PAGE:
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Vol. 62. Issue 11.
Pages 1233-1239 (November 2009)
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Vol. 62. Issue 11.
Pages 1233-1239 (November 2009)
DOI: 10.1016/S1885-5857(09)73350-X
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Does Pacemaker Implantation Provide Long-Term Benefits in Severe Obstructive Hypertrophic Cardiomyopathy?
¿Existe un efecto beneficioso a largo plazo con el tratamiento con marcapasos de la miocardiopatía hipertrófica obstructiva severa?
Míriam Sandína, Francisco Marínb, Francisco Cambroneroc, Vicente Climentd, César Caroe, Juan Gabriel Martínezf, Antonio García Honrubiag, Arcadio García Alberolah, Gonzalo de la Morenai, Mariano Valdésj, Francisco Sogorbk
a Servicio de Cardiología, Hospital General Universitario de Alicante, Alicante, Spain
b Servicio de Cardiología, Hospital Universitario Virgen de la Arrixaca, El Palmar, Murcia, Spain
c Servicio de Cardiología, Hospital Universitario Virgen de la Arrixaca, El Palmar, Murcia, Spain
d Servicio de Cardiología, Hospital General Universitario de Alicante, Alicante, Spain
e Servicio de Cardiología, Hospital Universitario Virgen de la Arrixaca, El Palmar, Murcia, Spain
f Servicio de Cardiología, Hospital General Universitario de Alicante, Alicante, Spain
g Servicio de Cardiología, Hospital General Universitario de Alicante, Alicante, Spain
h Servicio de Cardiología, Hospital Universitario Virgen de la Arrixaca, El Palmar, Murcia, Spain
i Servicio de Cardiología, Hospital Universitario Virgen de la Arrixaca, El Palmar, Murcia, Spain
j Servicio de Cardiología, Hospital Universitario Virgen de la Arrixaca, El Palmar, Murcia, Spain
k Servicio de Cardiología, Hospital General Universitario de Alicante, Alicante, Spain
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Tables (3)
TABLE 1. Baseline Characteristics of the Patients
TABLE 2. Parameters Modified Following Pacemaker Implantation
TABLE 3. Univariate Analysis of Possible Predictors of Clinical Improvement
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Introduction and objectives. About 25% of patients with obstructive hypertrophic cardiomyopathy (HCM) remain symptomatic despite optimal medical treatment. Some may benefit from pacemaker implantation. The aim of this study was to determine the effect of pacemaker implantation on the left ventricular outflow tract (LVOT) gradient, the maximum thickness of the left ventricle, and functional capacity. Methods. In total, 72 patients with obstructive HCM and incapacitating symptoms underwent pacemaker implantation. Clinical examination, echocardiography (in 61 patients) and treadmill testing (in 34 patients) were performed before and after implantation. Results. Subjective functional capacity, as assessed using the New York Heart Association (NYHA) classification, improved in 43.1% of patients, but treadmill testing showed no change. There were significant reductions in subaortic gradient, from a median of 87.0 mmHg (interquartile range [IQR] 61.5-115.2 mmHg) to 30.0 mmHg (IQR 18.0-54.5 mmHg; P < .001), and maximum left ventricular thickness, from 22.1±4.5 mm to 19.8±3.6 mm (P=.001). Univariate analysis identified two factors associated with clinical improvement: female sex (odds ratio [OR]=3.43; P=.020) and functional class III/IV (OR=4.17; P=.009). On multivariate analysis, only functional class III/IV remained a significant predictor (OR=3.12; P=.048). Conclusions. In patients with obstructive HCM and incapacitating symptoms, pacemaker implantation reduced the LVOT gradient and the maximum left ventricular thickness, but only 43.1% of patients experienced clinical improvement. The only factor predictive of improvement was advanced NYHA functional class.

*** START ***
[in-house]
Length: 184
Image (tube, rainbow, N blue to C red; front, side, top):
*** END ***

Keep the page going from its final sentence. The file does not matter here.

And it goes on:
Introducción y objetivos. Alrededor de un 25% de los pacientes con MCH obstructiva permanecen sintomáticos a pesar de una correcta medicación. Algunos pueden beneficiarse del implante de un marcapasos. El objetivo fue valorar el efecto del marcapasos en la modificación del gradiente en el tracto de salida del ventrículo izquierdo (TSVI), grosor máximo del ventrículo izquierdo (VI) y en la capacidad funcional. Métodos. A 72 pacientes con MCH obstructiva y síntomas incapacitantes se les implantó un marcapasos. Se realizó un examen clínico, una ecocardiografía (61 pacientes) y una ergometría (34 pacientes) antes y después de la implantación del marcapasos. Resultados. La capacidad funcional subjetiva, estimada según la clasificación de la NYHA, mejoró en el 43,1% de los pacientes, aunque no lo hizo la estimada mediante ergometría. Se observó una reducción significativa del gradiente subaórtico (mediana, 87 [intervalo intercuartílico, 61,5-115,2] frente a 30 [18-54,5] mmHg; p < 0,001) y del grosor máximo del VI (22,1 ± 4,5 frente a 19,8 ± 3,6 mm; p = 0,001). En el análisis univariable, el sexo femenino (OR = 3,43; p = 0,020) y la clase funcional III/IV (OR = 4,17; p = 0,009) se asociaron a una mejoría clínica. En el análisis multivariable, sólo la clase funcional III/IV mantuvo la significación (OR = 3,12; p = 0,048). Conclusiones. La implantación de marcapasos en pacientes con MCH obstructiva con síntomas incapacitantes disminuye el gradiente obstructivo del TSVI y el grosor máximo del VI, pero sólo el 43,1% consigue una mejoría clínica subjetiva, siendo una clase funcional más avanzada el único factor predictor de mejoría.
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Left ventricular outflow tract (LVOT) obstruction is a classic feature of hypertrophic cardiomyopathy (HCM) and is observed in 25% of patients.1,2 The obstruction is attributed to functional stenosis in the outflow tract, which is already reduced by septal hypertrophy and aggravated by anterior systolic movement of the mitral valve, and therefore is often accompanied by mitral regurgitation.3,4 The condition is associated with more disabling symptoms, poorer prognosis due to heart failure, and greater risk of death, essentially due to progression of heart failure and stroke.5,6